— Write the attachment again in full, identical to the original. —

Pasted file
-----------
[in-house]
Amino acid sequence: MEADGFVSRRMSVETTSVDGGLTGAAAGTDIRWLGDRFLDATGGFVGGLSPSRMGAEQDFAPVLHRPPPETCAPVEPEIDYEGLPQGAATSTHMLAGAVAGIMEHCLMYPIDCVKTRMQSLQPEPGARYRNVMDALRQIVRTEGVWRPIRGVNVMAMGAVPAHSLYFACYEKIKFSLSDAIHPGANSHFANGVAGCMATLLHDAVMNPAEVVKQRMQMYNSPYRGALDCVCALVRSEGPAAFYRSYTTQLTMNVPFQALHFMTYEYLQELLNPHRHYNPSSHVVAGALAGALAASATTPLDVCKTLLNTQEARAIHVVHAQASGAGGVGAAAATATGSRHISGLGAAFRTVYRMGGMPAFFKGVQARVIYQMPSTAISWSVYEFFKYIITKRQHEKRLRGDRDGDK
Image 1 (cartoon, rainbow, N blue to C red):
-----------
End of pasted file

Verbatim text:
[in-house]
Amino acid sequence: MEADGFVSRRMSVETTSVDGGLTGAAAGTDIRWLGDRFLDATGGFVGGLSPSRMGAEQDFAPVLHRPPPETCAPVEPEIDYEGLPQGAATSTHMLAGAVAGIMEHCLMYPIDCVKTRMQSLQPEPGARYRNVMDALRQIVRTEGVWRPIRGVNVMAMGAVPAHSLYFACYEKIKFSLSDAIHPGANSHFANGVAGCMATLLHDAVMNPAEVVKQRMQMYNSPYRGALDCVCALVRSEGPAAFYRSYTTQLTMNVPFQALHFMTYEYLQELLNPHRHYNPSSHVVAGALAGALAASATTPLDVCKTLLNTQEARAIHVVHAQASGAGGVGAAAATATGSRHISGLGAAFRTVYRMGGMPAFFKGVQARVIYQMPSTAISWSVYEFFKYIITKRQHEKRLRGDRDGDK
Image 1 (cartoon, rainbow, N blue to C red):